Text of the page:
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L’burg Fall Fest Revived, But Some Will Be Charged For Rides, Entertainment

Posted On May 06, 2014

By Mike Perleberg

Lawrenceburg Fall Fest Photo by A.J. Waltz

Lawrenceburg Fall Fest
Photo by A.J. Waltz

(Lawrenceburg, Ind.) – Lawrenceburg Fall Fest is going to happen this year after all, but some festival-goers will have to pay to enjoy the entertainment and activities.

Last month, a majority of Lawrenceburg City Council declined to pay claims needed to continue planning the September festival. Some council members had concerns over the size and cost of the festival. Others were displeased that the festival planning committee previously made up of volunteers was changed to mayoral appointments of mostly city employees.

It looked as though Fall Fest would not happen this coming September. The public backlash was heard loud and clear by council and the mayor’s office.

On Monday, city council and Mayor Dennis Carr agreed to compromise on many of the sticking points. Council unanimously voted to give the festival the green light with some changes from years past.

The vote came after some discussion on the cost of Fall Fest compared to the revenue it creates. The city has budgeted $350,000 for this year’s festival.

“Lawrenceburg residents cannot continue to pay for everybody from out of town to have a party,” said councilman Mike Lawrence. “I would like to see the festival downtown. I’m looking at the kids and safety issues.”

In years past, Fall Fest has allowed all attendees to use children’s rides and view concerts for free. That won’t be the case in 2014. Council approved a plan to charge Fall Fest visitors from outside the 47025 zip code to attend concerts or use rides. Ticket fees will be determined by the festival committee.

The 47025 zip extends beyond the city to Greendale, Hidden Valley, and portions of Bright. Residents within the zip code may be able to obtain wrist bands from the city to show their “free” status, although the details of handling that process will have to be worked out.

In order to charge some visitors, the festival needs to become fenced. Carr said the only way to adequately fence in the festival would be to hold it at the Lawrenceburg Fairgrounds, where fencing already exists. Councilwoman Jane Pope insisted that the festival could be fenced downtown so that visitors could be screened for either free or paid admission.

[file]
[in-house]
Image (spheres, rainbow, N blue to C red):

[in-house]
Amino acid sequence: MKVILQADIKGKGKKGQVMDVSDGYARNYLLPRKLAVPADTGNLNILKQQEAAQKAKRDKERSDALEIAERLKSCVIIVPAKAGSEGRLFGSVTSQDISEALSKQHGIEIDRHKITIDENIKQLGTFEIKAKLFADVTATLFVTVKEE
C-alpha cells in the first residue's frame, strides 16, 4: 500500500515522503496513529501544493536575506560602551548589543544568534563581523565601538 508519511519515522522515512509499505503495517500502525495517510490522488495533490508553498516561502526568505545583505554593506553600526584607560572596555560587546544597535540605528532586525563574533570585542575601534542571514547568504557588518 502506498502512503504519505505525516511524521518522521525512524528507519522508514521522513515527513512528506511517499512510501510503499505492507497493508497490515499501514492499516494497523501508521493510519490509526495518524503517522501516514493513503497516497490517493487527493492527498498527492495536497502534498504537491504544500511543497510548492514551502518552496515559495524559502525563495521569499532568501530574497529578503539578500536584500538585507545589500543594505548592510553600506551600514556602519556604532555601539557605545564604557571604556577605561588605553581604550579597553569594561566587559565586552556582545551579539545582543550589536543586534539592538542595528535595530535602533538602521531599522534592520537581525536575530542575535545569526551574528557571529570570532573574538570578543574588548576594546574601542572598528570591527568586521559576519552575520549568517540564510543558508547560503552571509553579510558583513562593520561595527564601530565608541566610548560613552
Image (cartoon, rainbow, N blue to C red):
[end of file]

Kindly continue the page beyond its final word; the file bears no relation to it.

Temporary fencing would be needed to properly section off the festival area. City manager Mario Todd said the festival fencing cost $8,100 last year, when the area was open to access from most any direction.

Presumably, charging admission would result in lower festival attendance by out-of-towners. However, that may not be viewed as a bad thing.

“We need to look at this, because the crowds are getting big and very tight. We’ve put this thing on for years. I’ve been involved for decades,” Carr said. Last year’s festival attracted an estimated 50,000 visitors on one night.

After some discussion council voted unanimously to keep Fall Fest in downtown Lawrenceburg for 2014. Councilman Aaron Cook said he heard from 37 constituents who wanted the festival to remain downtown, as opposed to two who would like to see it relocated to the fairgrounds. The Lawrenceburg Speedway located there has a race scheduled that weekend, Cook pointed out.

Council also agreed to pay all Fall Fest-related claims going forward, preventing any further delays in planning.

“Time is of the essence,” said Kelly Will, city marketing director and Fall Fest committee member.

Will presented the council with a draft proposal stating that all festival committee meetings will be open to the public. The committee will also utilize sub-committees made up of volunteers to organize some aspects of the festival.

Cook had previously voiced displeasure that the volunteer committee known as the I Luv Lawrenceburg Committee was removed from festival planning by Carr.

Some members of council also voiced support for the idea of going way from big-name music acts and instead allowing local bands to be the featured entertainment. No definitive plans have been announced in that regard for the 2014 festival.

“At the end of the day, you’re never going to make it perfect for everybody,” said Lawrence.

“I agree,” Carr responded.

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